University Business - December 2008 - (Page 12)

BEHIND the NEws conclusion: college is expensive WHile tHe general PuBlic might think college tuition is growing by leaps and bounds, the college Board’s annual “trends in college Pricing” report ( /pricing) puts some actual numbers on that growth. they range from one-year increases of 4.7 percent at public two-year institutions to 6.4 percent at public fouryear institutions for in-state students, while out-of-state students saw a 5.2 percent increase and those attending private four-year institutions had to adapt to a 5.9 percent increase. the percentages translate to dollar amounts between $108 and $1,389, which could be the difference between buying a textbook or bringing a new tablet Pc to campus. as higher ed leaders have pointed out, these figures are in line with years past. “the data … show that the rate of increase in college tuitions remained relatively stable for much of the last decade,” american council on education President Molly corbett Broad said in a statement. She added that the increases are in line with the consumer Price index and, in some sectors, below inflation. David Warren, president of the national association of independent colleges and universities (naicu), also pointed to the inflation-adjusted rate of 0.3 percent as a sign private institutions are holding the line. it’s true that when adjusted for inflation the numbers change radically to a 0.8 percent decrease at public-two year institutions and only a 0.7 percent increase at public four-year institutions, but numbers can be deceiving. “the reason the inflation-adjusted increase is so much lower than in past years is because inflation was so much higher U Annual trend reports put the spotlight on pricing and student aid. [last year]. the consumer Price index went up 5.6 percent,” says Sandy Baum, a senior policy analyst at the college Board. “it doesn’t make it easier to buy things because everything else is so expensive.” With lenders withdrawing from the student loan market, many institutions are attempting to maintain or increase financial aid levels to enable students to persist. Yet naicu surveyed member schools in September and found that students are taking time off or dropping to part-time status because of lack of funds. Warren noted that the survey, available at /studentloanreport, shows there wasn’t a widespread crisis in the first half of the semester. However, he adds, “the fullblown effect of the credit crunch and the nation’s economic struggles are as yet unknown.” Baum points out that colleges can’t cut tuition because they would probably also have to cut financial aid. “colleges need to do better with need-based aid. they could give less to the ones who can afford it and more to those who can’t.” Broad points to recent cuts in state appropriations as putting another strain on college finances. according to the community college league of california, recently proposed cuts in that state could result in about 250,000 students being turned away, roughly equivalent to closing the University of California. Broad predicts that, despite efforts to control spending, tuition increases are likely to happen. “i know that colleges will do their part,” she said. “But i am also a realist, and i think colleges and universities are entering into very difficult financial times—and access and quality are likely to remain at great risk.” —Ann McClure Steve Hall, Hedrich Blessing Photographers 12 | December 2008 Brad Feinknopf, Feinknopf Photography Tops in Design: FAcilities At The UniversiTy of ChiCago and the University of Cincinnati were recently honored for design excellence by the American institute of Architects’ chicago chapter in its 53rd annual competition. Fortytwo winners were selected from 379 entries representing projects in various industries. cincinnati’s George & Helen smith Athletics Museum was recognized for its “celebration Walk” design concept, expressing the “duality and tension between athletics and academics,” with the space organized into a red and black scheme throughout all five stories of an atrium. the University of chicago Graduate school of Business’s Winter Garden, a glass atrium around which the building is organized, features a vault roof with four main structural columns that flare outward as they rise, resembling tree branches that shade the space. —Melissa Ezarik Universities Win Architecture Award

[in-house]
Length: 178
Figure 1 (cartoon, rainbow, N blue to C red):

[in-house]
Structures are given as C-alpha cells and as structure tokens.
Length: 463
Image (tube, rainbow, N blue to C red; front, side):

Table of Contents for the Digital Edition of University Business - December 2008

University Business - December 2008
Editor's Note
College Index
Company Index
Advisory Board
Behind the News
Sense of Place
Human Resources
2009 Annual Directory to Financial Services
Future Shock
Independent Outlook
Endowment Management
Look Before You Leap
50 Best Branding Ideas
Remedial Nation
What's New
Facilities Focus
End Note

University Business - December 2008